345 - Effect of Spondylotic Deformity on Load Sharing on Screws of a Lumbar...

#345 Effect of Spondylotic Deformity on Load Sharing on Screws of a Lumbar Fixation Construct: A Biomechanical Study

Basic Sciences-Research

Poster Presented by: A. Kiapour


A. Kiapour (1)
J. Aferzon (2)
V. Goel (1)

(1) The University of Toledo, Orthopedic Surgery & Bioengineering, Toledo, OH, USA
(2) Connecticut Spine Institute for Minimally Invasive Surgery, New Britain, CT, USA


Introduction: Lumbar spondylolysis is a common spinal disorder affecting around 3-6% of population worldwide. The symptomatic lumbar spondylosis is often associated with chronic back or leg pain. At the early stages of the disease conservative treatments may be pursued but in the cases which do not respond to long-term conservative treatment methods, surgical intervention is usually required. Spinal fusion (arthrodesis) has been the convenĀ¬tional surgical treatment in such cases. Although studies have evaluated the biomechanics and clinical efficacy of fixation treatment methods for spondylolysis but the data on the load sharing on components of the fixation construct, such as pedicle screws is sparse. This study simulates specific clinical cases of spondylolysis to study hardware loads and hardware failure. Our particular interest is to analyze the effect of the variation in the sacral slope on the loading of the S1 screw.

Methods: A validated finite element (FE) model of ligamentous lumbar spine was used in this study. This model was modified to match sagittal CT and MRI images of a patient with lumbosacral spondylolysis. Intervertebral disc angle and endplate angle with respect to the horizontal transverse plane was measured at each segment. This data was used to alter the geometry of the FE spine to simulate spondylolysis deformity and lumbar lordosis (Fig 1). A posterior screw-rod fixation construct extending from L4 to S1 was implanted into spine with and without deformity and the instrumented spines were subjected to 400N follower pre-compressive load plus a 10Nm bending moment to simulate physiological loadings of flexion, extension, left & right bending and left & right rotation. The axial load and axial torque subjected to screws of lumbosacral level in each loading were computed and compared between the cases.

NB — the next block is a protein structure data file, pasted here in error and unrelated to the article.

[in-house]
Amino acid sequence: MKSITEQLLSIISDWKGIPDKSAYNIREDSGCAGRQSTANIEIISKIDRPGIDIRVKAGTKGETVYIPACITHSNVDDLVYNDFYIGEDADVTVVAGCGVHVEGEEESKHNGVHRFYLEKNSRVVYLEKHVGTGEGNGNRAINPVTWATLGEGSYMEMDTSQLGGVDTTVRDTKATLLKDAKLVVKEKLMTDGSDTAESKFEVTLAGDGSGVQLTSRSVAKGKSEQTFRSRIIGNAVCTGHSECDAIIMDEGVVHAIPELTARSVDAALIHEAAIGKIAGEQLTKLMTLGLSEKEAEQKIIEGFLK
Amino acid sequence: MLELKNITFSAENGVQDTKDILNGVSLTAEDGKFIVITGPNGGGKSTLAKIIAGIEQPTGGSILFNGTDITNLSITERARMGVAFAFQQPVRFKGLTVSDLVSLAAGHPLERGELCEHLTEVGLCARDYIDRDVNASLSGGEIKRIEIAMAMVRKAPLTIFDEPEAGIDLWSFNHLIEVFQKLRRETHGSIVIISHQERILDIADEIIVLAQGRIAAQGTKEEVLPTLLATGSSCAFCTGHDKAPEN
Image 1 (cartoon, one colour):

Results: The axial load on screws of L5 level varied from a push in load of 66N to a pull out load of -38N in different physiological loadings for the spine without deformity; the load ranged changed from 62N (push in)to -42N (pull out) in the spine with deformity. The sacral screws observed an axial load ranging from 80N to -33N at different physiological loads in spine without deformity versus 117N to -36N range in spine with deformity. The peak torque on screws at different loadings achieved the maximum of 0.80Nm (tightening) and a minimum of -0.76 (untightening) at L5 in without deformity and 0.82Nm to -0.78Nm in deformity cases respectively. The corresponding value at sacral screws was 2.1Nm to -2.1Nm in without deformity and 2.2Nm to -2.2Nm in with deformity case.

Conclusion: The axial pull out load and untightening axial torque can determine the risk of screw failure in a rigid fixation construct. This preliminary feasibility analysis showed increased sacral screw loads in deformity model. This model will be extended to study sacral loads through simulation of additional two patients with different sacral slopes.

Fig 1. Intact FE spine & CT of spondylotic spine